Phil (my husband) was working from home again today, and while hanging out the washing at lunchtime, noticed something land in our plum tree out of the corner of his eye. Backing into the house so as not to startle the visitor, he was delighted to see that it was a great tit sitting in the tree, plucking a caterpillar from a branch, landing on the fence briefly before leaving. We’re really pleased that small birds are being attracted into the garden, especially after the problems we had earlier in the challenge with our neighbour. Hopefully we’ll be seeing more of them.
This evening, we headed to Chobham Common, the largest National Nature Reserve in the south east of England, for an evening guided walk. Chobham Common is a really special area. As well as being a Site of Special Scientific Interest (SSSI), it has enhanced protection as a Special Protection Area (SPA) for birds particularly the dartford warbler, woodlark and nightjar, as part of the Thames Basin Heaths SPA. It is also one of the best British areas for insects and spiders with over half of British spiders recorded on the site as well as 300 species of ladybirds, bees and wasps, 29 species of butterflies, and 22 types of dragonflies. It’s a wonderful site to visit and is very peaceful, especially in the evenings, when we tend to visit.
This has in the past been a regular haunt of ours, for a picnic and a walk on the way home from work, but since March, when I changed jobs, my husband and I are no longer travelling to and from work together, and we haven’t visited the common this spring or summer so far.
Tonight it was time to rectify that absence. We met up with the site’s senior Ranger and about twenty other visitors, in search of nightjars and other creatures of the night.
Nightjars are doing well on this site, with between 38 and 48 breeding pairs this year. After a brief introduction to the site from the ranger we headed off along sandy paths to an area in between several nightjar territories. As we walked a hobby appeared briefly beside the path, although sadly I missed seeing it. We marvelled at the difference between a fenced area where conservation grazing reduces the amount of problematic purple moor grass on the site and allows the heather to thrive.
We arrived in the centre of the nightjar territories and all sat in amongst the heather and grass, watching the incredible sunset, with an amazing array of clouds stretched across the wide dome of skies above us. The setting sun caught the clouds, glimmering silver, gold, pink, and orange as the light faded. In the west the sky was streaked with colour and from on the ground, with the silhouette of trees in front of us but no visual sign of human habitation, we could have been on the African Savannah. As the sky darkened the first whirring churrs of a nightjar could be heard drifting across the heathland. I love this sound, it is so unearthly, so eerie. It is easy to see why there are so many superstitions associated with this bird, which only arrives in the summer, which sounds so odd, is so well camouflaged and looks so odd with its wide gaping beak, whiskered face and odd colourings. They have been called goat suckers in the past, due to a mistaken belief that they fed on goat milk and were also thought to spread disease to cows, due to their habit of hanging around the animals, feeding on the insects surrounding them.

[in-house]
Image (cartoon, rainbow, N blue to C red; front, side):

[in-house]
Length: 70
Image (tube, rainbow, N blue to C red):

As we sat, other nightjars could be heard calling from various points around us, with a keewik heard before a nightjar flew in front of us, clearly silhouetted against the clear night sky. Nightjars normally like to sit on perfectly horizontal branches, and we were watching a particular branch, sticking out from a beech tree in front of us. This nightjar, however, landed further up the tree, and sat churring, clearly visible to us sitting on the ground looking up at them. It is the best view I have ever had of a nightjar and a very special experience.
We moved on, making our way back round to where we had started. As we walked we heard more nightjars churring. We got the bat detector out and listened out for bats. I was expecting to see bats, especially walking on a path between trees and water, insects flying and a calm, still night, but there were surprisingly few around. We picked up a common pipistrelle on the detector, which flew in front of us, but we only saw a couple of bats. Three woodcock flew close in front of us, alarm calling loudly. We could hear tawny owls, and another person on the walk, further ahead of us, saw three tawny owls fly in front of them.
The long evenings at this time of year, allow for fantastic wildlife experiences in the evenings. We arrived back to the cars at quarter to eleven, and it was still just light enough to see our way across the common in the last light of the day. This has been one of my favourite wild days of the challenge so far.